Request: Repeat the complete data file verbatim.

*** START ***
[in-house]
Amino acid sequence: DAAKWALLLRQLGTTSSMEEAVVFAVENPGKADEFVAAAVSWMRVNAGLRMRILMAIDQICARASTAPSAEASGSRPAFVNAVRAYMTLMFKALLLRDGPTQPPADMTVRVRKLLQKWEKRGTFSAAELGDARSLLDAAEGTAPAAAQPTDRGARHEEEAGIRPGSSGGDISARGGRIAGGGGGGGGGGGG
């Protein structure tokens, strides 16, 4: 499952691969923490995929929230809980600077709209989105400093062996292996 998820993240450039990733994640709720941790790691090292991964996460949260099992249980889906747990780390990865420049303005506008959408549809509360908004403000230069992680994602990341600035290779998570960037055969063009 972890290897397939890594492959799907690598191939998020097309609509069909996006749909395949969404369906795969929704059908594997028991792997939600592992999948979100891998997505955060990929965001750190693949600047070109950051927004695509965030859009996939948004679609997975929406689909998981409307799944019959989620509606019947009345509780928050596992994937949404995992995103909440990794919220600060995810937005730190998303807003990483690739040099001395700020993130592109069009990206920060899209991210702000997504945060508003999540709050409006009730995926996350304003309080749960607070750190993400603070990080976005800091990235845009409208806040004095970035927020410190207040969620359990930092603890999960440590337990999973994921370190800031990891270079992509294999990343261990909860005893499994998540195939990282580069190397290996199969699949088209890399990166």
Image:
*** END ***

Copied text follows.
[in-house]
Amino acid sequence: DAAKWALLLRQLGTTSSMEEAVVFAVENPGKADEFVAAAVSWMRVNAGLRMRILMAIDQICARASTAPSAEASGSRPAFVNAVRAYMTLMFKALLLRDGPTQPPADMTVRVRKLLQKWEKRGTFSAAELGDARSLLDAAEGTAPAAAQPTDRGARHEEEAGIRPGSSGGDISARGGRIAGGGGGGGGGGGG
């Protein structure tokens, strides 16, 4: 499952691969923490995929929230809980600077709209989105400093062996292996 998820993240450039990733994640709720941790790691090292991964996460949260099992249980889906747990780390990865420049303005506008959408549809509360908004403000230069992680994602990341600035290779998570960037055969063009 972890290897397939890594492959799907690598191939998020097309609509069909996006749909395949969404369906795969929704059908594997028991792997939600592992999948979100891998997505955060990929965001750190693949600047070109950051927004695509965030859009996939948004679609997975929406689909998981409307799944019959989620509606019947009345509780928050596992994937949404995992995103909440990794919220600060995810937005730190998303807003990483690739040099001395700020993130592109069009990206920060899209991210702000997504945060508003999540709050409006009730995926996350304003309080749960607070750190993400603070990080976005800091990235845009409208806040004095970035927020410190207040969620359990930092603890999960440590337990999973994921370190800031990891270079992509294999990343261990909860005893499994998540195939990282580069190397290996199969699949088209890399990166």
Image: